Film is sooooo easy to shoot. Try it.
Canon 5D Mk II body in stock! These sell out in hours, so if you want the best DSLR made by Canon regardless of price, now is the time.
Olympus PEN E-P1.
NEW: Olympus PEN EP-1.
Leica D-LUX 4.
NEW: Leica D-LUX 4.
I dropped my Canon SD880 a few feet onto concrete. It worked for one more shot, then stopped since the case popped partway open.
I was going to toss it, but I asked Gus at OC Camera, who said "let me look at it," and lo and behold, he opened it up, cleaned it out, put it back together, and it works fine. Yay!
I needed a shot of a Coke billboard I saw up close, which had a great example of awful Photoshop masking:
Close-up of sloppy masking.
Geeze, I spend more time masking my shots I present to you folks in my product reviews than Coke does when they rent a billboard for probably at least $10,000 month.
17 June 2009, Wednesday
Carmel Valley, California. enlarge.
This snap was made with a Minolta CLE (just back from overhaul at OC Camera), a Voigtländer 21mm f/4 lens with B+W 39mm MRC 81A filter on what else — Fuji Velvia 50. This snap is exactly what I got back from NCPS, sized and branded.
The sun is directly behind the tree. How did I keep detail in the trunk and branches? Simple: I pointed the CLE down and away from the sun, looked at the auto shutter speed indication, set that on the manual exposure dial, then pointed the camera back up to shoot my photo. Lens flare helped lighten the trunk, too.
What's not obvious is just how forgettably small and light the Minolta CLE system I used was. The camera and three lenses weighed only 2 pounds (900g)! For comparison, the complete Minolta CLE system weighed the same as one naked Nikon 24-70mm f/2.8 zoom, and costs less! So much for digital.
I carried the complete CLE system, 39mm filters, spare batteries and 10 rolls of film in a tiny Kata Ergo-Tech Format-Q neoprene waist bag. It's so light I kept freaking out, thinking I lost the camera, and the whole thing was still around my waist and neck!
I also brought a Contax 645, hee hee hee! The Contax had less flare and a less exciting sunstar, so in this case, the CLE shot rules.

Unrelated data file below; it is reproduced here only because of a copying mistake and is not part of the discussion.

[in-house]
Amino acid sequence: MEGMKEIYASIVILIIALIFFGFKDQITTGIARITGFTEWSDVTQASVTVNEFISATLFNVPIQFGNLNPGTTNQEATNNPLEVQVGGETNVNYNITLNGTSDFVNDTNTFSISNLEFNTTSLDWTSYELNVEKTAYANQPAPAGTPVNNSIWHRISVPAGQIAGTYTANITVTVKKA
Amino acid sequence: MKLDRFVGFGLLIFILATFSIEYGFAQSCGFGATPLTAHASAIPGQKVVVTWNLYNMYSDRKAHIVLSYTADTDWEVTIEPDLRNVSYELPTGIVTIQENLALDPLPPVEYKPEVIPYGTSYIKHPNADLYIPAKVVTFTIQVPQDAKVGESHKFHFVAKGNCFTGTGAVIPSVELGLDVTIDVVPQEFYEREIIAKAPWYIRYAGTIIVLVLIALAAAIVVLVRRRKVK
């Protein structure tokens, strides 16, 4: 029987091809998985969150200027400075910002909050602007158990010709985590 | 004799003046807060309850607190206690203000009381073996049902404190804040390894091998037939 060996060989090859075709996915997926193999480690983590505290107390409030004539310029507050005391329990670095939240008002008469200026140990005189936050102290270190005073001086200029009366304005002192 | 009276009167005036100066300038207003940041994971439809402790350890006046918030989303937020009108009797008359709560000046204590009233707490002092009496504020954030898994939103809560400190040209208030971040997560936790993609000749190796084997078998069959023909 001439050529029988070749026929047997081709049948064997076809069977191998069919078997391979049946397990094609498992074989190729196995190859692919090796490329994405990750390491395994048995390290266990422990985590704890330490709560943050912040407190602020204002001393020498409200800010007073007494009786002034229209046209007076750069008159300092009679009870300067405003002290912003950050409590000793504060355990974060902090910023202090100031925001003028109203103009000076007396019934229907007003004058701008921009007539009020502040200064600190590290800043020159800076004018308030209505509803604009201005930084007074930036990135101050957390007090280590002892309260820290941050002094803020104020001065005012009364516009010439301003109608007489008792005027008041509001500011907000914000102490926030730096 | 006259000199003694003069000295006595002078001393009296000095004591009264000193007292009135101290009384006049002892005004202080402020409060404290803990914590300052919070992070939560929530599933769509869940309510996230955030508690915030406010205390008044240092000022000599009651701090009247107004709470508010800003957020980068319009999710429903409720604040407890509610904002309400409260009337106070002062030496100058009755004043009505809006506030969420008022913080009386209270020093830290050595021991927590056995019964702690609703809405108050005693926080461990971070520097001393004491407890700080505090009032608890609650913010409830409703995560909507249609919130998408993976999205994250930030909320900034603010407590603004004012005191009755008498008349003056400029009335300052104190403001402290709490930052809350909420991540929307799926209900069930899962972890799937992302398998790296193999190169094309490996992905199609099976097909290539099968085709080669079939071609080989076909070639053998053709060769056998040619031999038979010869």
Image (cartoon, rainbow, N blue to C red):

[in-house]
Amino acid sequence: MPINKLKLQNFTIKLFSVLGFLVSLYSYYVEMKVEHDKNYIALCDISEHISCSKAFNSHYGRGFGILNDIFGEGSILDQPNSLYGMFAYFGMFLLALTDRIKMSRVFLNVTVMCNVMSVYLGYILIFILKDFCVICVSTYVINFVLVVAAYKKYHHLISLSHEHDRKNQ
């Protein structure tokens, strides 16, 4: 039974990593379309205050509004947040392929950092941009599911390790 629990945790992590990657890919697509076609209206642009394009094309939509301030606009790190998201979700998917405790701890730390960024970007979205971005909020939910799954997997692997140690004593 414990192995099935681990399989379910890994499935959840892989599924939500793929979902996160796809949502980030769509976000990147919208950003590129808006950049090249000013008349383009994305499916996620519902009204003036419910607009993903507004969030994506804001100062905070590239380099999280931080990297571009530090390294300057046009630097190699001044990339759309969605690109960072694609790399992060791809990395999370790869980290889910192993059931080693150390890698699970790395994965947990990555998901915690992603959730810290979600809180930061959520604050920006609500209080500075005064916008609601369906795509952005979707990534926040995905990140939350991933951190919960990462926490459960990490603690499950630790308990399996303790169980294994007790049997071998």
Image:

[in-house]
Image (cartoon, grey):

The small Think Tank Speed Demon bag weighs more empty than the CLE system! I carried the extra Contax 645 lenses in the Speed Demon; it can't carry the Contax 645 at the same time, just two lenses and extras.
I only carried one system at a time: the Contax when I was serious, and the CLE when I was lazy.
16 June 2009, Tuesday
NEW: Nikon D300s. (forecast)
Leica vs. Zeiss 18mm lenses
I'll be darned if I can see anything beyond the Zeiss being a bit warmer and the Leica being a bit cooler in color balance.
Everything else I'm seeing is so subtle that in some comparison shots the Zeiss is slightly sharper, and in the next pair, the Leica is slightly sharper.
D3X Price Erosion
Dave Wyman's Monterey Photos
Dave was working on them on his MacBook while I offered him a ride for part of the trip, and then I stayed an extra night in San Luis Obispo while Dave was already home.
15 June 2009, Monday
10th Anniversary of the Practical DSLR
The Nikon D1: Introduced 15 June 1999.
We take DSLRs for granted today, but 10 years ago, on 15 June 1999, the world's first practical DSLR was announced: The Nikon D1. They started shipping that fall.
Digital cameras have been around since Kodak's first experiments in 1973.
Throughout the 1990s Nikon, Kodak and Fuji lashed together various very expensive Frankensteinian combobulations that didn't work very well, where they'd take a nice camera like the F4 and jam digital electronics up its butt and expect you to wear a hard drive around your waist, or have ten pounds of hardware bolted to the bottom, and charge you $25,000 for the privilege of 1.3MP images.
Those cameras were not practical.
The Nikon D1, whose first formal announcement, with model name and specifications, went out on 15 June 1999, was the first DSLR that:
1.) was designed as a dedicated DSLR,
2.) offered reasonable image quality (2.7MP)
3.) was affordable by individuals ($5,000), not large organizations ($25,000).
Of course D1s sell used for about $75 today, but if you follow my advice and put your money into lenses, the 17-35mm f/2.8 AF-S was announced the same day. My 17-35mm still sells used for more than I paid for it new back then, and is still the first choice of pro journalists (the 14-24mm is too delicate and too heavy). Never deny yourself the lenses you need, but go easy on buying cameras if you don't have to.